Mushrooms worldwide have become a billion dollar industry. Most of the economy for produce in Pennsylvania, especially in Kennett, comes from the growing of mushrooms. There are mushroom houses across the southeastern town, the smell of manure and signs all over about the importance of mushrooms in the town of Pennsylvania.
Pennsylvania has always been one of the top states for produce production and economy. Mushrooms have only added to that economy in Pennsylvania. The growth of these mushrooms in Kennett is more recent, but it is just as significant. This small town in Pennsylvania has grown to be to mushroom capital of the world.
How Rarity Produces Economic Growth
Mushrooms are found all around the country, but not all of these mushrooms are edible. Many of these are toxic to humans, and there are only 1000 species of mushrooms that are edible out of the 40,000 types. Foragers of mushrooms in Kennett know the mushrooms that are most delicious and non-toxic to humans.
Mushrooms became popular in the 1800s because they were considered a rarity. The Pasteur Institute in Paris developed a method to develop white button mushrooms that were able to be eaten but were not toxic. These mushrooms were soon exported in large quantities to England, then to America.
The Rise of Florist Development
William Swayne in Kennett, Pennsylvania is who began developing mushroom cultivation at full force ahead in America. He was a florist in 1885 with carnations in greenhouses, using wasted space in his greenhouses to test mushrooms.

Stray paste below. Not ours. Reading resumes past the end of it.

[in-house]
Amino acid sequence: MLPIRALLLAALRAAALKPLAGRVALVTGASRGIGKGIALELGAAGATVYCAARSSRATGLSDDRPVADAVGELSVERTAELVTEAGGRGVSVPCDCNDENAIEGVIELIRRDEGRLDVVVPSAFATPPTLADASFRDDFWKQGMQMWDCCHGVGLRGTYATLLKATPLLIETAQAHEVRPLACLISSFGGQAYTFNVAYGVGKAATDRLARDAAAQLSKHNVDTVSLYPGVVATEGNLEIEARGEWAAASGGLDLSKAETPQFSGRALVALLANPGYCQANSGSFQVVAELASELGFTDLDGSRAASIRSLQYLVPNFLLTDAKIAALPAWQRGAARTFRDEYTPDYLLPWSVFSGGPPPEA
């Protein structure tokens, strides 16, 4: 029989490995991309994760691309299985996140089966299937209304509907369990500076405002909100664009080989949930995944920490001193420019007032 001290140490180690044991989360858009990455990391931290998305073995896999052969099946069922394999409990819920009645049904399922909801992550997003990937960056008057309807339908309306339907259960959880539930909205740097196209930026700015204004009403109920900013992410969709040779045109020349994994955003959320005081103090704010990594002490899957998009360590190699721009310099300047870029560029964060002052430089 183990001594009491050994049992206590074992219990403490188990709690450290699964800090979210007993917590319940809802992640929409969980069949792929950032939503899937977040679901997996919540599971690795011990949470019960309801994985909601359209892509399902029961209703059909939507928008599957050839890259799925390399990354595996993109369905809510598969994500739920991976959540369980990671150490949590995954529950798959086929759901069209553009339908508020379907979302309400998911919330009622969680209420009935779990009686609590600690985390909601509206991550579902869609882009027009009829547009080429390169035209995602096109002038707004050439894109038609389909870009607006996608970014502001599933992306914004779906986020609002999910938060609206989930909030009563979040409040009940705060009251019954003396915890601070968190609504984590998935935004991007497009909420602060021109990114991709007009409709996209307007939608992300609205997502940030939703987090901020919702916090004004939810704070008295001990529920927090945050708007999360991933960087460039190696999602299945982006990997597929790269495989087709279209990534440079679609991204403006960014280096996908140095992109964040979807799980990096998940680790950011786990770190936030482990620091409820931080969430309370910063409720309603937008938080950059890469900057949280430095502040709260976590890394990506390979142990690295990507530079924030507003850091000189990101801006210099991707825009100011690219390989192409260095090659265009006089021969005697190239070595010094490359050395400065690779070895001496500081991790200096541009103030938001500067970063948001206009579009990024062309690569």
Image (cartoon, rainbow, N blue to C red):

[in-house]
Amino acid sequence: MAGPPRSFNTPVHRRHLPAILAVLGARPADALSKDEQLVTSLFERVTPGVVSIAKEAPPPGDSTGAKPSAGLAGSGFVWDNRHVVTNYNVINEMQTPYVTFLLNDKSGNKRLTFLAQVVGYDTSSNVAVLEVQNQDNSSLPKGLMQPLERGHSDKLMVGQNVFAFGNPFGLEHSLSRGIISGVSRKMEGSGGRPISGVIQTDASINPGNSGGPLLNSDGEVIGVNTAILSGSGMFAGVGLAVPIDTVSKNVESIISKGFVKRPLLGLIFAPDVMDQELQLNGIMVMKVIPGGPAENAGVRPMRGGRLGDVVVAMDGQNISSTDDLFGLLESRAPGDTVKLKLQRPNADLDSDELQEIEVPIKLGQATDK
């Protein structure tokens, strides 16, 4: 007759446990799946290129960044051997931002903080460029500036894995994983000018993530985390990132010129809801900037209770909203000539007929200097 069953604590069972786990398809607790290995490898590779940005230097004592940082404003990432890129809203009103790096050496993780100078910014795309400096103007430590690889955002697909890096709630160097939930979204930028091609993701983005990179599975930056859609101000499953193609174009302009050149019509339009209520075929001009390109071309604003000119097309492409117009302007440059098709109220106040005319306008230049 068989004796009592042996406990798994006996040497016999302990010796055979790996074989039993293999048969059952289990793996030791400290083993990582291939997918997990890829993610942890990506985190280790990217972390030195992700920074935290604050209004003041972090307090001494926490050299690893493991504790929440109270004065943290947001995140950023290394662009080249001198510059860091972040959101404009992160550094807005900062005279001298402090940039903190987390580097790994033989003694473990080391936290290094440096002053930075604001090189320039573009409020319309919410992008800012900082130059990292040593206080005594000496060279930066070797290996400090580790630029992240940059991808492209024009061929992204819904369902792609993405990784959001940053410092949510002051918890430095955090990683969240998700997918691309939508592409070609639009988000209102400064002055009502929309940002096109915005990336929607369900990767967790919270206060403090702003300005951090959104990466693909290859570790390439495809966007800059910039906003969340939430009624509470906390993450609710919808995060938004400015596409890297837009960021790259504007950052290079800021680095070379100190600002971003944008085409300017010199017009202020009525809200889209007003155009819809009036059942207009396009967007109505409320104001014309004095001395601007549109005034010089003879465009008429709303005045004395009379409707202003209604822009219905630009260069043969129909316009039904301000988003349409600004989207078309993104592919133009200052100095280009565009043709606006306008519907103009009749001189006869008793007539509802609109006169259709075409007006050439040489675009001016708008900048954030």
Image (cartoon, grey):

Swayne ended up developing a mushroom house with dark settings for the white button mushrooms to thrive. His son, J. Bancroft Swayne, assisted his father in growing these mushrooms into a genuine business. Farmers continued growing mushrooms starting in the 1920s, such as Phillips Mushroom Farms. In 1930, there were over 500 mushroom houses in Kennett.
An Increase in Variety
Throughout World War II, Kennett focused on creating the white button mushrooms. This remains the most popular variety, but other varieties have popped up in the Kennett mushroom houses. Many varieties include those such as portobellos and shitakes.
Actually, in 1989, Phillips Mushroom Farms stopped producing white button mushrooms in favor for more exotic varieties. They did resume white button mushroom production ten years later. Kennett has grown to have excellent economy from their mushroom production.
Phillips Mushroom Farms in Kennett continues to produce a wide variety of mushrooms. There are fresh mushrooms, dried mushrooms, jarred mushrooms and other specialities. There are memorabilia items with pictures of mushrooms. You can even self-guide the farm to understand the mushroom production process for yourself while visiting this farm and purchasing items at the store.
Kennett is one of the top mushroom production areas of the world. They started out solely producing white button mushrooms but have since expanded to create exotic mushroom production and multiple farms. Visit Kennett, and see for yourself the mushroom variety offered through the farms there.